Dec 19, 2013
Fluorescent nanoparticles for quantitative uptake studies
Nanocarriers, such as those made of polymer nanoparticles, are promising drug delivery vehicles. Thanks to a process called emulsion free radical polymerization, researchers in Italy have now succeeded in quantifying the amount of nanoparticles that enter the cell cytoplasm. The findings from the new study will be important for developing more efficient anti-cancer therapies.
The team, led by Massimo Morbidelli of the ETH Zurich in Switzerland and Davide Moscatelli of the Politecnico di Milano in Italy, together with colleagues at the Mario Negri Institute for Pharmacological Research in Milano looked at how emulsion free radical polymerization - which is routinely employed to synthesize polymer nanoparticles - can be successfully applied to the biomedical field.
The researchers succeeded in optimizing a novel procedure that allowed them to quantitatively assess the amount of nanoparticles taken up by the cell cytoplasm. The technique relies on flow cytometry and plate fluorimetry, and also measures the number of cells. The method exploits polymer nanoparticles functionalized with a fluorescent dye (Rhodamine B).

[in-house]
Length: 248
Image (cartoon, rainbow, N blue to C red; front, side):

PhD student Raffaele Ferrari at the Politecnico di Milano synthesized biocompatible polymethylmethacrylate-based nanoparticles covalently bound to RhB to avoid dye diffusion from the nanocarriers. By changing the process parameters, different carriers with tuneable size, charge, and amount of dye were produced. These materials were employed in in vitro experiments.
Team members Monica Lupi and Paolo Ubezio from Mario Negri obtained a reproducible linear relationship for each type of polymeric nanoparticle - between the number of nanoparticles, the molecules of RhB per nanoparticle and the relative fluorescence detected by a microplate reader. The researchers were then able to correlate results from plate fluorimetry measurements and measured the average cell fluorescence using flow cytometery by evaluating the number of nanoparticles internalized in individual cells.
The researchers presented their results in the journal Nanotechnology.
About the author
Davide Moscatelli is an assistant professor at the Politecnico di Milano, Italy. His research focuses on applying physical chemistry fundamentals to analyse industrial processes and material synthesis (organic, inorganic and polymers). The applications are related to industrial processes with chemical implications, polymers and inorganic materials for advanced technologies, and nanotechnology (primarily nanoparticles synthesis).